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Should I move desks? At work there is an empty desk beside me. It’s bigger, more private, but it’s one desk further from the “office hub.”
Yesterday my manager said the good thing about my current desk is that I am able to overhear what goes on and that helps me do my job. A co-worker said I may give the wrong impression if I move.
My current desk is more in the hub but the new desk will give me piece of mind, more space, more privacy to think, and make me happier, but now I’m concerned about the message I may be sending. We are talking one desk over … but now I’m rethinking, and I don’t want to make a move that – politically – might not be considered good for my career.
The First Answer
Colleen Clarke, career specialist and corporate trainer
You listed five valid reasons why you should move desks and one reason why you shouldn’t. Is moving to a new desk that allows you to do your job more effectively a wrong move politically? Generally speaking, the reason you show up for work is to work as productively as possible, not to be “in the hub” and listen in on everyone’s goings on. If this move supports that reasoning, then is there an issue?
If you are able to make the decision on your own with the support of your manager, go for it. Make a point of telling your colleagues why you are moving over – more space, bigger desk and the ability to focus on your work more.
Different people have different work styles, which can include a different work environment than the norm. For you to be most productive your preference may be to have time and quiet to think things through, whereas others need to be in the “hub of things.” It could be that your manager doesn’t understand your work style and could be missing out on understanding others’ work style preferences as well. Would explaining that help your case?
On the other hand, if your manager feels that you are better off where you are, then it may be a moot point. But, know why this is important to your manager. If you move, who will sit in your desk? Will that empty seat be the elephant in the room? Can the office be reconfigured to accommodate other peoples’ preferences?
If this move is really important to you, then negotiate with your manager. Ascertain what the benefits are to the company or your department if you were to change desks and use those points as your argument. Trying to sell your manager on why you want to move won’t have the same impact as the benefits to the department will.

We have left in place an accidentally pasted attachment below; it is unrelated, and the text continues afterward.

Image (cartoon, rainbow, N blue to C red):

Talk about how you will be more focused on your work, your ability to concentrate more easily thereby increasing productivity and output while decreasing mistakes and interruptions. All these benefits will allow you to finish your work more expediently, which will free you up to help your manager or colleagues with their work.
The Second Answer
Pamela Jeffery, founder, Women’s Executive Network
It seems at the heart of the dilemma is another question: In choosing the bigger, more removed desk, are you in fact choosing isolation? Or, maybe more importantly, will others think you’re choosing isolation?
The fact is co-workers have been getting closer, at least physically, for years. The average amount of space allotted to employees has dropped from 500 square feet 30 years ago to less than 200 square feet today.
People are increasingly organized in clusters and cubicle walls seem to be getting lower and lower to encourage communication and information sharing. This is all in line with flatter organizations and a focus on openness and collaboration.
It also parallels what has long been happening in education. Gone are the single rows of grade school, which have been replaced largely with desks arranged in groups or mini hubs of four to six – again to encourage teamwork.
I remember my own experience in university and when I earned my MBA. We worked in groups or teams to brainstorm and solve problems.We employ that same approach in our own offices. The idea is that collaboration leads to innovation and better ideas.
When you make your decision, weigh what you may be giving up by upgrading your desk.
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